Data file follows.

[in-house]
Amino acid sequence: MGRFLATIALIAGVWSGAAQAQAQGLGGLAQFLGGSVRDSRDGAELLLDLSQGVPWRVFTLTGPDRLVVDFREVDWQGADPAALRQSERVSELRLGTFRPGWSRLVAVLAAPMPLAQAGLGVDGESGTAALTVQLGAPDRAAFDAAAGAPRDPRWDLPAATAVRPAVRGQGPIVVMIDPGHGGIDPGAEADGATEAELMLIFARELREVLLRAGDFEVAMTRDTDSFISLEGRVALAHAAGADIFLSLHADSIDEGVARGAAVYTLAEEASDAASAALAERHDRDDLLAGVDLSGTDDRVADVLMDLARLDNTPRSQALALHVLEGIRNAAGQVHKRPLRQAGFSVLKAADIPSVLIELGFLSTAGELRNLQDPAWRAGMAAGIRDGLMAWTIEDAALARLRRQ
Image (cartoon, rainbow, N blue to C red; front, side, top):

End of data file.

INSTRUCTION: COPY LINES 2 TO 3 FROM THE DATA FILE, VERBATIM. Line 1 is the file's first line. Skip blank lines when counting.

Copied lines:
Amino acid sequence: MGRFLATIALIAGVWSGAAQAQAQGLGGLAQFLGGSVRDSRDGAELLLDLSQGVPWRVFTLTGPDRLVVDFREVDWQGADPAALRQSERVSELRLGTFRPGWSRLVAVLAAPMPLAQAGLGVDGESGTAALTVQLGAPDRAAFDAAAGAPRDPRWDLPAATAVRPAVRGQGPIVVMIDPGHGGIDPGAEADGATEAELMLIFARELREVLLRAGDFEVAMTRDTDSFISLEGRVALAHAAGADIFLSLHADSIDEGVARGAAVYTLAEEASDAASAALAERHDRDDLLAGVDLSGTDDRVADVLMDLARLDNTPRSQALALHVLEGIRNAAGQVHKRPLRQAGFSVLKAADIPSVLIELGFLSTAGELRNLQDPAWRAGMAAGIRDGLMAWTIEDAALARLRRQ
Image (cartoon, rainbow, N blue to C red; front, side, top):